I tried the various bike lifts, jacks etc and a few years finally broke down and purchased a table type lift. Think the brand is "Pro Lift"?? Bought it out of Dallas/Ft Worth and paid around $500.00. Honestly the best money I ever spent!! I use it for everything, bikes, changing tires, lawn mowers or just sitting around it in the shop with friends. Runs off my air compressor and think it goes up around 33" which is just right for standing or can lower it to sit beside it. With the front tire locked in, I put a little scissor jack underneath the bike if I need to get the rear or front wheels up for changing, cleaning etc. Might want to look into it, you wont be sorry. JMHO Semper fi devildog
 
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Harbor Freight

While I would buy a USA made one if I was working on bikes a lot, for the home user, the "offshore" one from Harbor Freight looks like it would do fine. They have a manually pumped one for under $300 and a pneumatic one for only $380. Plus if you are on their email list, you get 15% discount coupons all the time. I've looked at one in the store and plan to get one when I have the floor space. There is a good review on their web site which seems to be from an outside group.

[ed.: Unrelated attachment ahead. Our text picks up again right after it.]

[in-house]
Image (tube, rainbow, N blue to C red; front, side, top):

http://da.harborfreight.com/cpisearch/w ... motorcycle
 

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I have looked at the Harbor Freight model also. I believe it would work fine for a Norton and anything lighter. I am skeptical of their claimed 1000# limit. Working on my Ducatis and BMW's or a Harley I'd feel much better with my Handy Industries lift.
 
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More on Bike Lifts

I agree with Michael, I am not sure if it really makes much difference in the brand for a person working only on his bikes. If I had a shop I would get a top of the line one. My only point is that a pneumatic lift is so much easier. I have two parts of the back of the lift that I can remove which really makes removing tires or walking around bike easier. I have a number of bikes that I own and I always keep everything in the best of shape to include my lawnmowers, go karts etc so the lift is very worthwhile. I am sure they have the same great quality of lifts in the UK, NZ or Australia as well. I had the foot pump, small under the frame lifts and this table lift is a difference between day and night. Enjoy the holidays all. semper fi devildog